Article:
That threw a monkey wrench into arrangements for the $4.2 billion loan that the cash-starved nation had negotiated last December with an advisory committee of its 11 biggest lenders. Getting all of Argentina's 320 worldwide lenders to agree had been difficult, but by last week nearly all had assented. Bankers will not disburse funds when a country falls out of IMF compliance, and some key bankers are worried that reluctant participants in the loan will use the IMF action as a reason to back out.

But no matter what sort of difficulties Mexico, Brazil, Venezuela and Argentina face, they all possess economies that are big enough to survive the crisis -- although there will be difficult times ahead at least for Argentina and Brazil and, because of the shocks a default by either would generate, months more of worry by international financial executives.

But bankers and others are worried that Peru and Bolivia never will resolve their difficulties and that Chile -- whose right-wing military government is being pressured both at home and abroad -- could face a collapse as well.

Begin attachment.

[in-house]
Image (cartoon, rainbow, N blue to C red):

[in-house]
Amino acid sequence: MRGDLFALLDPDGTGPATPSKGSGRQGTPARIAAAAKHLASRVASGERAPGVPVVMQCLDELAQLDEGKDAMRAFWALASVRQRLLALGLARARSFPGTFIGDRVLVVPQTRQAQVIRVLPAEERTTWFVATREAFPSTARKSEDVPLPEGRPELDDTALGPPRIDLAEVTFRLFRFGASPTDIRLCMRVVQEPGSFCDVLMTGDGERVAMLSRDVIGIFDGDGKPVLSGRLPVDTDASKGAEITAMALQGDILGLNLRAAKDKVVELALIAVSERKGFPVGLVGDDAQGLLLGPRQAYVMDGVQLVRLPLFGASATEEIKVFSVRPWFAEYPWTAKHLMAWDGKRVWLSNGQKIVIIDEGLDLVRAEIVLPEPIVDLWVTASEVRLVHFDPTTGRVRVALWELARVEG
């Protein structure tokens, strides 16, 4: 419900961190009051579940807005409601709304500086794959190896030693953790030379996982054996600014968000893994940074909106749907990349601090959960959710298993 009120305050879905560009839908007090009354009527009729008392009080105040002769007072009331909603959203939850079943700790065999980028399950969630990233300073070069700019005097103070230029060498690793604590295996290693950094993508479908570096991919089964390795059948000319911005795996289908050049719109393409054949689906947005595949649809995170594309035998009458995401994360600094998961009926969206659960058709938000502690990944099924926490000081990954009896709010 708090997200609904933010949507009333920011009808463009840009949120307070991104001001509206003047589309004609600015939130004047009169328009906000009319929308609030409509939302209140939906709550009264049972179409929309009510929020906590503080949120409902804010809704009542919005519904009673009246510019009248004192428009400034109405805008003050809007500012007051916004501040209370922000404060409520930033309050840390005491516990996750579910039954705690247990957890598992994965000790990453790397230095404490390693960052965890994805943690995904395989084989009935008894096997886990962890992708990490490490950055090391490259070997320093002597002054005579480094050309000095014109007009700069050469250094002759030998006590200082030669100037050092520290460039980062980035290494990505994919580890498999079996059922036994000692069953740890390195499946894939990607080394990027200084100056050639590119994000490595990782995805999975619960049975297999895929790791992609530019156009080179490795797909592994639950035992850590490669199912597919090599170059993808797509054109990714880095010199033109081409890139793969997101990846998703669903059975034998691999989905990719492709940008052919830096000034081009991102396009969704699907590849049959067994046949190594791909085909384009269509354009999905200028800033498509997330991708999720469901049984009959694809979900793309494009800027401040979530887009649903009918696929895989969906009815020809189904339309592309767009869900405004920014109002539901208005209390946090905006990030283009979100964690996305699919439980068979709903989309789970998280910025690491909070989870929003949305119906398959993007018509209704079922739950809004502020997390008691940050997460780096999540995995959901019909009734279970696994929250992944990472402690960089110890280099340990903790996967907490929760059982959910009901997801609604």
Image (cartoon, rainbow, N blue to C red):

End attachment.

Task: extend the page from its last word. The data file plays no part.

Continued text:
For all practical purposes, Bolivia is in default. But it has been a basket case for so long and its debts so small that many banks already have prepared themselves for an eventual write-off of Bolivian loans, and some already have done so.

Even Peru, which owes foreigners $14 billion, and Chile, with foreign debts of between $18 billion and $20 billion, are unlikely to undermine the world financial system seriously if they stop paying their debts.

But bankers said they worry about the precedents that a Chilean default would set. "Unlike Peru, which has never taken steps to reduce its budget deficit, Chile has been austere," said one banker. Chile has "outfunded the International Monetary Fund," said another. Low copper prices have so devastated Chile that the country calculates it will need $1 billion from its bank lenders this year -- a level banks said is too high for them to lend prudently.

One key banker said the United States has to realize that Peru and Bolivia -- and probably Chile -- cannot solve their debt crises solely by dealing with the IMF and the commercial banks. They need a different kind of official assistance, the banker said.

However, he agreed that, if the United States comes to their aid, it would be hard-pressed to refuse the bigger debtors such as Mexico, Brazil and Argentina.